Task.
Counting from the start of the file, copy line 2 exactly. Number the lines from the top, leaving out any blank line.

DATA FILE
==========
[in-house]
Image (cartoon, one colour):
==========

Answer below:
Image (cartoon, one colour):